Section 48 was designed to stop persons from profit ing from the unlawful torture and killing of animals. Congress recognized that, although animals "have long been used, and valued, for their utility," a broad societal consensus exists that animals are entitled to humane treatment. H.R. Rep. No. 397, 106th Cong., 1st Sess. 3-4 (1999) (1999 House Report). Laws in all 50 States and the District of Columbia prohibit persons from engaging in acts of animal cruelty, as do various federal laws. Id. at 3; App., infra, 8a n.4. Those laws are premised on the view that "animals, as living things, are entitled to cer tain minimal standards of treatment," as well as on the recognition that animal cruelty leads to violence against human victims and erodes public mores. 1999 House Report 4.

Congress enacted Section 48 after learning of a sub stantial and growing market for videotapes and photo graphs depicting the gruesome torture and killing of animals. See 1999 House Report 2-3. No laws prohib ited the production or sale of such depictions, and the States were unlikely to enact such laws because the de pictions were "almost exclusively distributed for sale through interstate or foreign commerce." Id. at 3. Con gress therefore enacted Section 48 to remove the com mercial incentives for depictions of animal cruelty and thereby deter the underlying acts. Id. at 3-4.

Congress carefully crafted Section 48 to reach only a narrow category of depictions that have no redeeming social value. As enacted, the statute covers only depic tions of acts of animal cruelty that are illegal, 18 U.S.C. 48(c)(1), that are created, sold, or possessed for commer cial gain, 18 U.S.C. 48(a), and that lack any "serious re ligious, political, scientific, educational, journalistic, historical, or artistic value," 18 U.S.C. 48(b). For those depictions, Congress concluded, "the harm from the con tinued commercial sale of the material so outweighs the value of the material that it is appropriate to prohibit the creation, sale, or possession of such material in [its] entirety." 1999 House Report 5.

2. Respondent operated a business called "Dogs of Velvet and Steel" and a website called Putbulllife.com, through which he sold videos of pit bulls participating in dog fights and attacking other animals. App., infra, 3a; C.A. App. 467. He advertised those videotapes and other pit bull-related merchandise in Sporting Dog Journal, an underground publication that carries the results of illegal dogfights. App., infra, 3a; C.A. App. 464.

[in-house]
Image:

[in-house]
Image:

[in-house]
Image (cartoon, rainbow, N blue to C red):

State law enforcement agents purchased three videos from respondent through the mail. App., infra, 3a; C.A. App. 446-452, 458-459. Those videos include scenes of savage and bloody dog fights and of pit bulls viciously attacking other animals. App., infra, 3a; C.A. App. 120- 121. The videos are narrated by respondent. App., in fra, 3a. Agents searched respondent's residence pursu ant to a warrant and found other videos and dogfighting merchandise, as well as sales records establishing that respondent sold videos throughout the United States and to recipients in foreign countries. Id. at 4a; C.A. App. 464-465.

3. Respondent was indicted on three counts of know ingly selling depictions of animal cruelty, with the inten tion of placing those depictions in interstate commerce for commercial gain, in violation of 18 U.S.C. 48. App., infra, 4a. He moved to dismiss the indictment on the ground that the statute is facially invalid under the Free Speech Clause of the First Amendment and is void for vagueness under the Due Process Clause of the Fifth Amendment. Id. at 4a, 64a.

The district court denied the motion. App., infra, 64a-75a. It first determined that Section 48 regulates a narrow category of speech that is not protected by the First Amendment. Id. at 65a-71a. The court explained that "[t]he speech prohibited by Section 48 has exceed ingly little, if any, social value" because the statute "ap plies only to the depictions of conduct that would itself be illegal in the state in which the creation, sale, or pos session takes place" and that "lack[] serious religious, political, scientific, educational, journalistic, historical, or artistic value." Id. at 66a. That minimal value, the court determined, is "greatly outweighed" by the govern ment's compelling interests in "insuring that animals, as living beings, be accorded certain minimal standards of treatment" and in "preventing a criminal from profiting from his or her crime." Id. at 67a, 69a, 71a.